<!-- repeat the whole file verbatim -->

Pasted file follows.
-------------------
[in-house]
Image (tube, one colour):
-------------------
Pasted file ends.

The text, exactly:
[in-house]
Image (tube, one colour):